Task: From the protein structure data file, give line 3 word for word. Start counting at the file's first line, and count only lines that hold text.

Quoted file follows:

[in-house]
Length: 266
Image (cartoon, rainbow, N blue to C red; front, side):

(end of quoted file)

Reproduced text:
Image (cartoon, rainbow, N blue to C red; front, side):